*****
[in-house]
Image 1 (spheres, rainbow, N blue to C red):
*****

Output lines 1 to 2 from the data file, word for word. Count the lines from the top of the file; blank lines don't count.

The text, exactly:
[in-house]
Image 1 (spheres, rainbow, N blue to C red):